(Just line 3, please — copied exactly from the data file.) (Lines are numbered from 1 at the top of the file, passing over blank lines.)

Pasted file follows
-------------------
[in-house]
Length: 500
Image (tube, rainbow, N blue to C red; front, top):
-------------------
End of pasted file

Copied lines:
Image (tube, rainbow, N blue to C red; front, top):